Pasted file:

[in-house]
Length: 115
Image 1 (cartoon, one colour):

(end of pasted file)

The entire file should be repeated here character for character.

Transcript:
[in-house]
Length: 115
Image 1 (cartoon, one colour):